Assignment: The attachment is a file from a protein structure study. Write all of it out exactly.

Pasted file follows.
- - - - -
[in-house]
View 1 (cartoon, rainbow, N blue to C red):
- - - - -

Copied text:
[in-house]
View 1 (cartoon, rainbow, N blue to C red):